BUSINESS OPERATING IN CALIFORNIA SHOULD INCORPORATE HERE, NOT IN NEVADA
Each and every month, several readers and clients ask me the following question: “Is it true that incorporating in Nevada is best?” This question is prompted by the various ads on radio and in newspapers about the “benefits” of incorporating in Nevada. It is time to put these false and misleading statements to rest!
The advertising alludes to the fact that Nevada does not have any state income taxes and that there is a certain amount of privacy afforded shareholders of a corporation incorporated in Nevada. While it is true that Nevada does not have any state income tax, this fact does not help a business that is located and operating here in California. A “foreign” corporation (which is a corporation incorporated in a state other than California) doing business in California must, by law, pay income taxes on earnings from business conducted in California. Thus, a business located and operating in California is required to file a tax return and pay taxes here in California. The only income tax benefit that a business incorporated in Nevada will receive is if it has an actual operating location in Nevada.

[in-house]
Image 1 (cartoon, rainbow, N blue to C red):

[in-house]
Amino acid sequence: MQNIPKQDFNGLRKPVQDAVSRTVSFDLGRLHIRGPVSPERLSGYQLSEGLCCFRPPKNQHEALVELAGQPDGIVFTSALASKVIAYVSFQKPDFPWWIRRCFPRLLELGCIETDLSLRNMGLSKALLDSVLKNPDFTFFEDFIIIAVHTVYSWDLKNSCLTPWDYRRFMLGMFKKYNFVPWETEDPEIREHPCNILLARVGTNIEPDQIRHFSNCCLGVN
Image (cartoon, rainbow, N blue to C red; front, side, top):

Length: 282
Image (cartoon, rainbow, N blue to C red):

There are additional costs incurred by operating in California while being incorporated in Nevada. In order to maintain the Nevada corporation, the business will normally pay a fee to have an agent and maintain a “business location” in Nevada. In addition, there may be additional costs charged by the company’s accountant for filing the California tax return.
Relating to the privacy question, there is no additional privacy protection given by incorporating in Nevada, unless your company is “publicly traded.” California does not require a closely-held corporation to provide the names of shareholders in any state registration or document, therefore this information is not available to the public or creditors. A corporation is required to register (in Nevada and California) the names of the officers and directors of the corporation, which will result in a double fee if incorporated in Nevada and doing business in California.
Unless an attorney who you trust, informs you that there are other reasons to incorporate in Nevada or some other state, a business located and operating in California should be incorporated (or use some other business entity such as an LLC) in California. The cost of incorporating in California, using an attorney (not an agency) for all initial documents varies between $800.00 and $1,750.00, depending on the law firm that you use.